By Russ Warner, VP Marketing –
When it comes to corruption on a worldwide level, billions of people are affected. In fact, entire countries are affected, from the government toppling to the citizens suffering. And those in developing nations have it even worse than those in well-to-do nations.
Global Costs of Corruption: Financial and Human
What does it cost? According to U.S. district judge Mark Wolf, corruption costs 5 percent of global gross domestic product (GDP). In countries like Russia, the figure is even higher, with corruption consuming 44 percent of GDP.
International criminals thrive because of corruption in governments around the world, including Mexico and the Middle East. But there is also a cost in humanity. Grand corruption, in which public leaders abuse their office to receive personal profit, “destroys democracy and devastates the human rights that governments are constituted to protect.”
Citizens of countries like Somalia, Iraq and Afghanistan are devastated time and time again, with their rights and privileges being revoked and their very lives put into jeopardy.
What Can Be Done?
Obviously, individual countries suffer and are in “way over their head.” We cannot expect countries with high levels of corruption to resolve things in the short term. The United States is not immune by any means.
Wolf suggests that nations band together to form an international anti-corruption court (IACC). By doing so on a global level, all who are able and willing can contribute to reduce corruption.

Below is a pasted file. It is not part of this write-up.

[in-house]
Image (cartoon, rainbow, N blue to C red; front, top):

Wolf suggests ways an IACC would help to combat corruption. First, an IACC could be the forum in which corruption laws could be enforced globally, subjecting to prosecution those public officials from countries that cannot or will not prosecute corruption in their own nations.
This concept alone, argues Work, would give incentive to these countries to work harder to stop corruption internally. Such an approach has worked well for the United State. For state or local public officials accused of corruption, we generally rely on federal courts to judge.
Additionally, a global IACC should include international judges with far less risk of bias. It would also more effectively prosecute officials whose crimes are against humanity.
Those who destroying the lives of their citizens due to corrupt behavior should answer for their crimes, and international scrutiny would go a long way to reduce such corruption.
While an international anti-corruption court may be difficult to implement, coming together as a global community to fight such an alarming trend in worldwide corruption would help us avoid significant financial losses and the denial of human rights.